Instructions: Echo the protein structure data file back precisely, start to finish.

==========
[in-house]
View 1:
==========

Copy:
[in-house]
View 1: